daydreaming · life · melancholy

Wildest Dreams

Have you ever dreamt or thought about being a different person living another life in a faraway place? I sure have.

I remember growing up in a very sheltered environment. My parents were first generation immigrants. They both emigrated from different countries, and it was after they were both in New York that they met through one of my mom’s male cousins (whom my dad worked with at the time), began dating and got married. They did everything quickly. Dated for only a year before marrying. The year my brother was born, they were living in a rented apartment. By the time I was born, I too lived there for a short time before my parents moved into a house they bought. It’s the same house I still live in today.

What is most prevalent in my memories is that my parents were busy a lot with work. They had the house mortgage to pay off, in addition to monthly bills and having to raise two little kids. There’s so much, during my angry teen phase of hating the world and my parents, I didn’t know about (until years later) concerning all the sacrifices my parents made just to keep me alive and fed. For better or worse, they were thrust into parenthood and they did the best they could. I’m forever grateful to them.

Living in the city, it feels like I am just another speck on the map. I don’t even know my own neighbors. There used to be a nice family next door. Italian, and three generations living together (grandmother, mother, son). Casalino was their surname. I seldom spoke to any of them, and even less once my social anxiety got worse, but I liked Rose (the mother) best because she was always nice to me. Later she moved to an upstate nursing home. My parents had me write cards to her a couple of times. One time they went to visit her. In the end, her health declined and she passed away.

I drift off into daydreams now and again. I may have grown up in a city neighborhood, but if someone gave me a million dollars now, I’d probably jump at the chance of moving elsewhere.

It may be romanticized since I haven’t experienced this in real life, but I dream of a simple life, tucked away on a farm in a small town where I actually know everyone there. I love animals, so it’d be exciting to raise and be responsible for my own, and to do honest, hard work by growing food and selling them at the local market. I long for a slower paced life, where people actually talk and hang out without their phones being a favorable distraction. In the city, it’s hard to tell if strangers actually care how I respond after they say to me, “How are you?”, a question that is so commonplace that it’s mundane and comes across as almost disingenuous. I guess this kind of life would be most appealing to me because I believe it might help with my anxiety. Some dreams stay as dreams, though. I do question if I dream about living a different life because I’m unhappy with parts of the one I currently have, and if I could live out my wildest dream, would it be everything I imagined it would be, or would the reality be too different than what I was hoping for? Either way, I don’t think I will be able to fulfill my wildest dream in this lifetime. Who knows. I’m twenty-seven now. Maybe in another life at a different time in history, I was a simple girl tending to a farm who had big dreams of making it in the city.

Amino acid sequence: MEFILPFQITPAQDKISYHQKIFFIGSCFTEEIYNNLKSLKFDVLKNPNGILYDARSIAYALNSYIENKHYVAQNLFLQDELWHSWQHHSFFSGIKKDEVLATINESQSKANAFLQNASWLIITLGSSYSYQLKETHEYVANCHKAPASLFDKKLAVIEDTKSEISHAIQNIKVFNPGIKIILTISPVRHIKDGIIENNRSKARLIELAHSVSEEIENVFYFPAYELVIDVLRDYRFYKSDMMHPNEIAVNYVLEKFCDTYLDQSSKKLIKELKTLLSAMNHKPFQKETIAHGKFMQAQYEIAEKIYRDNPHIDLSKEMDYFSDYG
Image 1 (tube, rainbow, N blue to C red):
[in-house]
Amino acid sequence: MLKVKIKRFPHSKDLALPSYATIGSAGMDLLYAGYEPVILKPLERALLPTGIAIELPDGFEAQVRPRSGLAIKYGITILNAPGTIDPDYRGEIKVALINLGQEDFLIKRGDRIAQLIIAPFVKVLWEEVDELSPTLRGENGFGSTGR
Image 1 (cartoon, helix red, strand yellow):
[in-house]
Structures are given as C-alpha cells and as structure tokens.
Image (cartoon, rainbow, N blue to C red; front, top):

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3 thoughts on “Wildest Dreams

  1. I think it depends. I’m a city girl with a similar sort of upbringing (my parents migrated). Anyway, I spent last year living in a quiet little village place for university and I got disgustingly homesick. My social anxiety was worse because it was just lonely but in a bad way and it was too quiet. I had no appetite and despite the loneliness I would avoid my housemates and all civilisation. The only thing that shook me out of it was the fact that I needed to obtain my degree! Ironically enough, my place of solitude was a computer lab that ranged from quiet to loud but in some ways, the presence of other people helped. So it all depends on the type of person you are. I think solitude and isolation are two different things with the latter being problematic. Before I moved, I was desperate to get away and in some ways I still am. I just need to be careful about the where!

    Liked by 1 person

    1. I do think my idealization of life in a small town is a little romanticized, considering the only small towns I’ve seen are those portrayed in fiction. I recently read a novel called “The Winter People”. One of the main characters in the book dislikes having to help her mother on the farm and desperately wants to leave her small town, but I couldn’t help thinking I would love to trade places with her lol.

      I believe what I long for isn’t being around less people, but to actually live in a place where everyone knows everyone and it’s close knit. I guess I want to belong somewhere and feel like I’m part of a community of people I know and trust.

      Liked by 1 person

      1. I get that! I think the media and fiction can make that close knit community feel seem desirable but from my experience it’s different for everybody. However, we don’t know if we don’t try so I hope that happens for you one day. In my case, what I want is just one really good friend that I can count on but often that doesn’t tally with the fact that people have lives and problems of their own. So I think we have to settle for something in between because how we imagine it to be is never quite the same as the real thing – if that makes sense.

        Liked by 1 person

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